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Japan’s home-sharing registrations off to a rocky start

  • March 16, 2018
  • , Nikkei Asian Review , 6:29 a.m.
  • English Press

TOKYO — Almost none of the tens of thousands of Airbnb accommodations in Japan were registered under the new law on the first day of filing Thursday, a sign that hosts are wary of extra rules from their local governments.


As in many parts of the world, home-sharing, or minpaku, is a fast-growing practice in Japan. But the country had no specific law for the business of renting out private dwellings, requiring hosts to get either a permit under the hotel law or certification in a special economic zone. Many homeowners did not bother getting either, leaving them in a legal gray zone. The new minpaku law will lower the hurdles, enabling hosts to legally provide accommodations for up to 180 days a year by simply registering their dwellings.


The registration period began Thursday, three months before the law takes effect June 15. Airbnb, the world’s largest home-rental marketplace operator, was one of the first to file with the Japan Tourism Agency.


This marks the first big step promoting a sound tourism industry in Japan, Chris Lehane, head of global policy and public affairs at Airbnb, said after submitting documents. “We welcome your cooperation with our efforts in facilitating the spread of only sound minpaku accommodations,” Akihiko Tamura, the tourism agency’s commissioner, said in response.


Airbnb’s rivals, HomeAway of the U.S. and Chinese player, plan to follow suit and register soon.


Private homeowners looking to rent out space may register their properties online or in person at local government offices. But only eight properties were registered online by the evening on the first day, according to the tourism agency, which did not have the exact number of in-person filings.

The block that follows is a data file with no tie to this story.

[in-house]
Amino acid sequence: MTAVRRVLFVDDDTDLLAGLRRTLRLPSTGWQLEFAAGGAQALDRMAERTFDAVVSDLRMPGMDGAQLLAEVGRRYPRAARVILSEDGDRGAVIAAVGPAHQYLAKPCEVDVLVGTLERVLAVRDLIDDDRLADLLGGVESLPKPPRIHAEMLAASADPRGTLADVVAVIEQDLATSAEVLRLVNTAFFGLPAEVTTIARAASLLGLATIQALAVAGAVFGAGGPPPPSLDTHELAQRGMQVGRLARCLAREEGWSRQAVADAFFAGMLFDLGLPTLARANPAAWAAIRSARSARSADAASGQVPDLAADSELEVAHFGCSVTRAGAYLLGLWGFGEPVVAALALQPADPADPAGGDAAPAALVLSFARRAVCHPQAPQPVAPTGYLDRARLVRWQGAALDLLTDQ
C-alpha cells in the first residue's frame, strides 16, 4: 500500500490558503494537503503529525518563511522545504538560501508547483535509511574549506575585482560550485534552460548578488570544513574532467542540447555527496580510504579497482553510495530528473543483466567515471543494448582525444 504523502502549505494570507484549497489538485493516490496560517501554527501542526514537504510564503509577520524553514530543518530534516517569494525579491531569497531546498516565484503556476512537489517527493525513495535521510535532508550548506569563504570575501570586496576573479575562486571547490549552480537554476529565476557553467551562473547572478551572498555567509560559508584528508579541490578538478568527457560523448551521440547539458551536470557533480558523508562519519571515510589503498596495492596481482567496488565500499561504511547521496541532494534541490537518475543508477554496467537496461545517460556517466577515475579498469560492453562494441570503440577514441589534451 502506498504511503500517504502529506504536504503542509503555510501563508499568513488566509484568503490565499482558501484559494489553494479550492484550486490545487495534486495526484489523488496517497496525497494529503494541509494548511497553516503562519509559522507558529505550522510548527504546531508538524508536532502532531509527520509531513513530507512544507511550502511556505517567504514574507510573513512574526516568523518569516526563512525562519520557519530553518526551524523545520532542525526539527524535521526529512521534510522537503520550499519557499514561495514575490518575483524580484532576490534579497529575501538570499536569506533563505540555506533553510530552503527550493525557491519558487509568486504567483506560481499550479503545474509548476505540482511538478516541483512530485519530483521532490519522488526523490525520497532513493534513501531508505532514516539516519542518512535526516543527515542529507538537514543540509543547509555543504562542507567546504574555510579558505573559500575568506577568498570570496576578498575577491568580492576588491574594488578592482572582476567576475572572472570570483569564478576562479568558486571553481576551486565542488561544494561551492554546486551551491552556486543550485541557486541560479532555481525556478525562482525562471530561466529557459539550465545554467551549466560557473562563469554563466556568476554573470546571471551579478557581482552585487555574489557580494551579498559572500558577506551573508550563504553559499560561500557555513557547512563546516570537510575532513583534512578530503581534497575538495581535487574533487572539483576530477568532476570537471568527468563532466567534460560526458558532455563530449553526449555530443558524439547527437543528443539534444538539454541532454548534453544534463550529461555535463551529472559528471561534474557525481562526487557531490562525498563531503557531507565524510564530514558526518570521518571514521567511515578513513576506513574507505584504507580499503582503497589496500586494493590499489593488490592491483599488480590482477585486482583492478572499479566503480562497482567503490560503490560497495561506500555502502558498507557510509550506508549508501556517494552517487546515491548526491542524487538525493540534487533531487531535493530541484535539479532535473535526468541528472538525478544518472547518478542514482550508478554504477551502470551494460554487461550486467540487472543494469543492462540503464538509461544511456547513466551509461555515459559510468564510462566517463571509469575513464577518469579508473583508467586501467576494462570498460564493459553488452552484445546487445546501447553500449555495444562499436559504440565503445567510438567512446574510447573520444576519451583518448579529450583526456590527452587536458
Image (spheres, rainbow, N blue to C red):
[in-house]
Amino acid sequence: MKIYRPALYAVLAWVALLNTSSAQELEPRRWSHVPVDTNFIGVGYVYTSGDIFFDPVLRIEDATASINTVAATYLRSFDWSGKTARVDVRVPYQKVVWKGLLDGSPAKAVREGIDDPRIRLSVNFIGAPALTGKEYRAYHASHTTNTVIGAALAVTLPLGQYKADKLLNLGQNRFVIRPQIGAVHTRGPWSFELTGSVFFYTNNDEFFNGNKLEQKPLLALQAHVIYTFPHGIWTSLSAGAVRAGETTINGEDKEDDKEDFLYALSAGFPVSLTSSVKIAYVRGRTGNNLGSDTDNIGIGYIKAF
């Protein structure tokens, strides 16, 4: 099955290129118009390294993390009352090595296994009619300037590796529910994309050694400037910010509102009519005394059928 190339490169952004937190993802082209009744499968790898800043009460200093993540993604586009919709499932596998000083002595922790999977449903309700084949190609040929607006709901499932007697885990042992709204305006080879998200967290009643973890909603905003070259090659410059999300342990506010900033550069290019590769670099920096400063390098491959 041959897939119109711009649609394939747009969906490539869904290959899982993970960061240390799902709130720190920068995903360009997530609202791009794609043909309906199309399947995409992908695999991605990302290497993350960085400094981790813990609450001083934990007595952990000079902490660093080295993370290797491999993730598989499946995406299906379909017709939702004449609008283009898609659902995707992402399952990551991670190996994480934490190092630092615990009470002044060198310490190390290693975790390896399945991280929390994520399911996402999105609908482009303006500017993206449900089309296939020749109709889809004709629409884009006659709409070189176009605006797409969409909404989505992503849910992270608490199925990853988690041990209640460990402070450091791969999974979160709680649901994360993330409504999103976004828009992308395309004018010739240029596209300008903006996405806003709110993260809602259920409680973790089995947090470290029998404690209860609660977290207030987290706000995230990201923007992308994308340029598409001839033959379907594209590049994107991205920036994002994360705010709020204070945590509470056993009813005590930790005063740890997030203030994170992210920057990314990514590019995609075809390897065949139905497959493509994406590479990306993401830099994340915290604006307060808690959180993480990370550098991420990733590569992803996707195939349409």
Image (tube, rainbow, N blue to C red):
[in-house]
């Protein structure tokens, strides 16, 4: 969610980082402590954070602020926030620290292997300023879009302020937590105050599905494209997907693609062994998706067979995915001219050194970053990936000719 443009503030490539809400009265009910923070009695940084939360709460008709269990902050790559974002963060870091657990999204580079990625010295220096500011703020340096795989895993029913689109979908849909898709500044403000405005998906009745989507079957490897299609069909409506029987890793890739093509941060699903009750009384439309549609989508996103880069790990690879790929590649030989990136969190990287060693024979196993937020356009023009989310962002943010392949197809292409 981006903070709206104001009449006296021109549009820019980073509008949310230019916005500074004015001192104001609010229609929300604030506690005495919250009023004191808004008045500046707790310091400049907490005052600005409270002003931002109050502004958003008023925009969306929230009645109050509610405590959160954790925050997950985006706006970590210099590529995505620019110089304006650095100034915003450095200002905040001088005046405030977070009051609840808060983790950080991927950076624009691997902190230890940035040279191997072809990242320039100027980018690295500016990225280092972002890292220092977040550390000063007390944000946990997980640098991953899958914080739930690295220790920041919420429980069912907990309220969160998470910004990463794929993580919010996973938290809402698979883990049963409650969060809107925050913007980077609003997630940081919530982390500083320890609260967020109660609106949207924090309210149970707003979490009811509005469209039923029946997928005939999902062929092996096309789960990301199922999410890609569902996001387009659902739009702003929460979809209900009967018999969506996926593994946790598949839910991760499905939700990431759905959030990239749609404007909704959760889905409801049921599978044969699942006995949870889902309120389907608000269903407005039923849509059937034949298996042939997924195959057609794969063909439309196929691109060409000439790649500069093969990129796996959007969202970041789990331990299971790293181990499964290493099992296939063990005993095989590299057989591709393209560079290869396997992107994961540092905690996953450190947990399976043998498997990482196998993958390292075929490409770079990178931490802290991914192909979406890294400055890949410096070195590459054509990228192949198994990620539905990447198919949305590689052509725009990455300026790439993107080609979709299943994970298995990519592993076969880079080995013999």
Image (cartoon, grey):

The city of Kyoto processed no filings but received 74 inquiries about registration, an indication of strong interest among residents in the ancient city hugely popular with foreign tourists. Most of the questions were about basic matters concerning local regulations, a city hall official said.


Indeed, concerns are growing that such local rules may put a brake on home-sharing. One in three municipalities in Japan plans to introduce restrictions on top of the national law. In December, Shinjuku Ward in Tokyo passed regulations permitting minpaku operations only on Fridays, Saturdays and Sundays.


These municipal rules will make the minpaku law effectively meaningless, 62.7% of respondents said in a Nikkei poll of around 100 home-sharers. Some 72.5% said they have no permit, and 27.5% said they will stop renting out their properties altogether. The survey results indicate that Airbnb’s listing of some 62,000 units in Japan could shrink sharply, at least temporarily.


Japan will have enough hotel rooms for tourists in 2020, when Tokyo hosts the Summer Olympic Games, predicts a report by Mizuho Research Institute. But “if minpaku properties decrease, we might face a shortage,” said Takayuki Miyajima, senior economist at the institute’s economic research department.


With strict regulations, Japan’s sharing economy is falling behind its counterparts elsewhere in the world. Ride-sharing is prohibited in most parts of Japan, relegating big players Uber Technologies of the U.S. and China’s Didi Chuxing to arranging fleets for taxi companies.


Japan’s sharing economy will double between fiscal 2016 and fiscal 2021 to more than 100 billion yen ($942 million), the Yano Research Institute estimates. But the country will have far to catch up with the rest of the world: The global sharing economy is expected to expand by a factor of 20 from $15 billion in 2013 to $335 billion in 2025, according to a survey by PwC.

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